While Molly and Sam see a production of “Macbeth” before their fateful street encounter, screenwriter Rubin was primarily inspired by Hamlet’s father, whose ghost tells his son to avenge his death. In “Ghost,” Sam gets to avenge his own death.

But he based Sam’s struggles to profess his feelings to Molly on his own conflict with such emotions, one that many other males apparently share. As he revealed USA TODAY in 1990, as a young man in his 20s, he preferred to reply “Ditto” whenever someone told him, “I love you.”

Rubin was glad to see his personal experience opening up a floodgate of feelings for other men by allowing Sam to have a second chance to say the L word to Molly. Said Rubin, “One of the things I’m seeing at screenings is how they hold their wives’ hands differently after the movie. When we first showed it to a roomful of Paramount executives, everyone walked out with red eyes.”

Of course, not everyone likes to be manipulated in such a manner. As he noted, “Certain people are angered by being made to feel that way by a movie. They are embarrassed by it. But I wanted to wake them up and tell them not to take other people for granted.”

“Ghost” afterlife: Rubin, who won an Academy Award for his original screenplay for “Ghost,” had another movie top the box office later in 1990: the psychological thriller “Jacob’s Ladder.” He would go to write and direct 1993’s “My Life” with Michael Keaton and Nicole Kidman. His last screenplay was for 2009’s “The Time Traveler’s Wife.” He also wrote the stage adaptation and lyrics for “Ghost The Musical,” which premiered in the UK in 2011 and was performed on Broadway in 2012.

3. A song and a soundtrack that does a lot of the emotional heavy-lifting.
Many classic tear-jerkers employ music as an emotional cue, including “Love Story.”” Dr. Zhivago,” “The Way We Were” and “Beaches.” “Ghost” producer Linda Weinstein knew when she heard the ballad “Unchained Melody” playing on an oldies station on her car radio one day that she found the right love theme to set the mood.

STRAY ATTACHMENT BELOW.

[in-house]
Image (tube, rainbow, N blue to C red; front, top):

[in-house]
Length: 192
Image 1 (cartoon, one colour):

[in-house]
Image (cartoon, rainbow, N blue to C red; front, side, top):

Several artists had done versions of the Oscar-nominated song written by famed movie composer Alex North for the mostly forgotten 1955 prison drama “Unchained.” But the filmmakers went with the most popular version sung by Bobby Hatfield of The Righteous Brothers, which was produced by Phil Spector and reached No. 4 on the Billboard Hot 100 chart in 1965.

North told USA TODAY in 1990, a year before he died at age 80, that he wrote the melody right off the top of his head. “I got a call from the producer of ”Unchained” and just sat down and did it. The muses were on my side.”

Hatfield, who died in 2003 at age 63, said in the same article that the duo’s hits, including “Top Gun’s” “You’ve Lost That Loving Feelin’,” have such longevity because, “They’re from period of time when certain songs meant a whole lot to a lot of people. As Bill (Medley, his partner) says in our act, ‘This song created a lot of junior high schools.’”

Composer Maurice Jarre’s transporting Oscar-nominated score beautifully meshes with the ‘60s chestnut, which is used during the famous pottery-wheel scene, when Sam and Molly dance together as a precursor to making love, and when Sam dances one last time with Molly by inhabiting Oda Mae’s body near the end of the film.

“Ghost” afterlife: The popularity of the movie rubbed off on The Righteous Brothers, who experienced a revival on the Billboard charts after the original recording of “Unchained Melody” was re-issued for play on Top 40 radio and hit No. 13 on the Hot 100. The pair also quickly did a new version of the song, which would reach No. 19 on the chart.


4. A director who wanted to spread his wings.
Zucker initially found fame as part of a three-man filmmaking team with his brother, David, and pal Jim Abrahams. Known collectively as ZAZ, they were responsible for co-directing such laugh riots as 1980’s “Airplane!,” 1984’s “Top Secret!” and 1986’s “Ruthless People.”

But Zucker decided to go it alone for the first time with something completely different – a bittersweet love story that explores the world beyond and laced with humorous elements thanks to the chemistry between sassy Goldberg and exasperated Swayze. Critics were, for the most part, pleasantly surprised by what they saw.